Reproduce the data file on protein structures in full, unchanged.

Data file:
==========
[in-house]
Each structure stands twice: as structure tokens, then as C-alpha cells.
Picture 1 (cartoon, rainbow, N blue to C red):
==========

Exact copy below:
[in-house]
Each structure stands twice: as structure tokens, then as C-alpha cells.
Picture 1 (cartoon, rainbow, N blue to C red):